Fast-growing Redmond avoids becoming another Bend

Fast-growing Redmond avoids becoming another Bend

Bend in the Road

Fast-growing Redmond doesn’t want to become another expensive city that drives out its workforce. At a critical juncture in its history, it searches for the right identity.

By Abraham Hyatt

On a cold, early-winter afternoon, about 25 of Redmond’s economic players are gathered in a tiny downtown church hoping for a glimpse of their future. The first major storm of the winter blew through Central Oregon a few days before. They hold jackets under their arms as they, along with Mayor Alan Unger and other city staff, cluster around a half-dozen easels where maps show a potential downtown revitalization plan.

AlanUnger0207.jpg Photo by Simone Paddock

Redmond Mayor Alan Unger makes a stand on traffic-heavy Sixth Street. Both Fifth and Sixth streets will become city property when Highway 97 is diverted around Redmond, and the community is trying to figure out how to turn the current highway business district into a real downtown.

Colors and lines fill city blocks. Blue is a new city hall with an accompanying park or plaza. Orange is an entertainment complex next to a big park. Red turns several blocks of one major street, currently the southbound arm of Highway 97, into what’s called a festival street: wide sidewalks, narrow driving lanes, water fountains, trees, public art.

A Redmond native, Unger is a convivial man with a wry grin. He’s spent the last five years as mayor grappling with the beginnings of an economic boom spurred by growth in Bend, 15 miles to the south.

That growth has been an alarm clock of sorts for Redmond. In the last few years, the city has undergone a fairy tale-like change — a sleepy town awakened by Central Oregon’s economic expansion. Like Rip Van Winkle himself, Redmond — which now bills itself as the state’s fastest-growing city — seems alternately amazed and concerned about what the future has to offer.

But unlike with fairly tale characters, waking up is only the beginning of Redmond’s story. The city must deal with a host of growth-related issues: housing, schools, traffic. It’s also been pushed into the tricky realm of creating an identity for a place that has never had one. The biggest influence is Bend, the glamorous big sister that Redmond will either follow or leave behind as it forges its own path.


TO CREATE THAT POTENTIAL DOWNTOWN PLAN, engineers from Sera Architects, a Portland firm hired by the city, have taken over the interior of a 95-year-old church. The building usually serves as a community center; its folding chairs have been stacked against walls to make room for tables covered with laptops, paper and maps.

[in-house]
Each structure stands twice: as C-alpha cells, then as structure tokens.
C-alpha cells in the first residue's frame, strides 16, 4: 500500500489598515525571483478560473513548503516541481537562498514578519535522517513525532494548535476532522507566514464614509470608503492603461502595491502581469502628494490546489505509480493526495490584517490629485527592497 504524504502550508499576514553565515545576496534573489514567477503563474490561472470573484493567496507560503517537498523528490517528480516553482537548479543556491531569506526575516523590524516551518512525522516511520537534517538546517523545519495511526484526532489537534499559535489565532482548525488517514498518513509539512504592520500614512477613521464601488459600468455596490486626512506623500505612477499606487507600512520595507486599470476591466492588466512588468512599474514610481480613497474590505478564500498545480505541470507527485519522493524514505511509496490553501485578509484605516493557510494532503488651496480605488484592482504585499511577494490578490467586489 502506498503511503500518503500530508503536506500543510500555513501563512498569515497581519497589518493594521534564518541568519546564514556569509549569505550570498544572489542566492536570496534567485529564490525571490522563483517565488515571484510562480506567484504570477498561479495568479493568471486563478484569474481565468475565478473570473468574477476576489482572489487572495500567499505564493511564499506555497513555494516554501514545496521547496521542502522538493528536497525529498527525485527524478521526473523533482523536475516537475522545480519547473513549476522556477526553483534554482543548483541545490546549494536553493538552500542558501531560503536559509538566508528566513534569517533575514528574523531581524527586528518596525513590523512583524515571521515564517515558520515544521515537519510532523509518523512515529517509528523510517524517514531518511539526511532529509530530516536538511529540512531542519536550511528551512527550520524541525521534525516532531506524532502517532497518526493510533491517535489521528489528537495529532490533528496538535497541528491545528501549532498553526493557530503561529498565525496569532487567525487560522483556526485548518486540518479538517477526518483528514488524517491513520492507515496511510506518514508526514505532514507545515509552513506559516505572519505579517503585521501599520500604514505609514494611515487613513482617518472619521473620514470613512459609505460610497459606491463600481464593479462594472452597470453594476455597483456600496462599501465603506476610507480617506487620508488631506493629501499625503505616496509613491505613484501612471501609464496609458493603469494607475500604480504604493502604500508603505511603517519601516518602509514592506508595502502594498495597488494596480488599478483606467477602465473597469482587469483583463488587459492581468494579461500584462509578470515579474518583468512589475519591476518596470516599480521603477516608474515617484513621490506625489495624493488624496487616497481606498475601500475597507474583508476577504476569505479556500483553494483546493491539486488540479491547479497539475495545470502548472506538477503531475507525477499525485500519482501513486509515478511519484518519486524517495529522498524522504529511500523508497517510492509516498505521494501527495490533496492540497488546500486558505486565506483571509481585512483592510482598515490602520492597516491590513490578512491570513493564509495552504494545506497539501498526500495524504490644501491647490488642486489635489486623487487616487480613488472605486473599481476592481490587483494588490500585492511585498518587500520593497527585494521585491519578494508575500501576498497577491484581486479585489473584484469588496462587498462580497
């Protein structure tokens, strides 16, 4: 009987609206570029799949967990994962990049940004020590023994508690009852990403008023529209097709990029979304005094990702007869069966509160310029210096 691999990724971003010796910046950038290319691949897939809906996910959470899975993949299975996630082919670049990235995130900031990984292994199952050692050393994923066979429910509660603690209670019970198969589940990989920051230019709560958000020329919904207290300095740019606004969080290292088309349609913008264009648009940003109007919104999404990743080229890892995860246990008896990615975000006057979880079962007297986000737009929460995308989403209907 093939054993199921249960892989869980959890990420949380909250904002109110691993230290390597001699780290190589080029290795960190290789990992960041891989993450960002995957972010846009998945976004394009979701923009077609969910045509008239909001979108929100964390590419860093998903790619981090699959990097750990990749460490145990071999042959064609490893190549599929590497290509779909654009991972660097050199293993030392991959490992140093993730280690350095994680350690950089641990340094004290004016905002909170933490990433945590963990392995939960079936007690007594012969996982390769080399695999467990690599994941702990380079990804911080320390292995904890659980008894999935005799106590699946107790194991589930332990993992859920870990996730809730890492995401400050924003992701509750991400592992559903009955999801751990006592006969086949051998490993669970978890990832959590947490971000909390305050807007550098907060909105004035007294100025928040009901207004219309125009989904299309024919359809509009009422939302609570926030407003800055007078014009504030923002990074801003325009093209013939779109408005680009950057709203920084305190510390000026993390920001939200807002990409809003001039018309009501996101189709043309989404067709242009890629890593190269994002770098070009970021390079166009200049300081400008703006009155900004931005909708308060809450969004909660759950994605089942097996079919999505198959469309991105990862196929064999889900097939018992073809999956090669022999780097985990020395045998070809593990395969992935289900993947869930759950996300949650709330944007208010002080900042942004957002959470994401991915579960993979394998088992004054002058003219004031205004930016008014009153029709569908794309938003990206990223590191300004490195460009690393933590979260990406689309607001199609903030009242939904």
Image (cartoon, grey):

The engineers have been there for a day and a half. There’s a slight feeling of urgency in the air, and for good reason: By late 2008, the Oregon Department of Transportation hopes to be finished with an estimated $88 million bypass project that will divert Highway 97 around Redmond. When it opens, Fifth and Sixth  streets, the city-bisecting, two-lane roads the highway currently occupies, suddenly will become city property. By that time, officials must be ready to jump on their once-in-a-city-lifetime opportunity to turn a highway business district into a downtown.

Matthew Arnold, an associate with Sera, challenges the group of business owners, developers and city staff to ask themselves what the purpose of their new downtown should be. “Is moving traffic your goal or creating a pedestrian- and retail-friendly place?” he asks. They pepper him with questions: But how will people get from the north end of the town to the south? What side streets will be forced to take that increase in traffic? At one point, Unger jumps in. Not so much addressing the engineer as the crowd, he agrees that the city needs to look at bold ideas. “And then we need to look at what’s realistic,” he says.

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AFTER THE MEETING, UNGER WALKS two short blocks to City Hall to check his mail. His breath frosts in the cold air. He seems unfazed by the critical response to the Sixth Street redevelopment idea. This is the third project the city and Sera Architects have collaborated on. Unger says any problems will be worked out in the next month. 

Sitting in his own office in the cramped City Hall, city manager Michael Patterson says one problem with the Sixth Street concept is that it’s too much like Bend. That’s an accusation made by several people concerned about the plan. What do they define as “Bend”? Some point to a high cost of living or an abundance of high-end boutiques and condos. Sometimes Bend is explained simply with a dismissive wave to the south. For Patterson, Bend represents an economic climate in which working-class families can’t survive.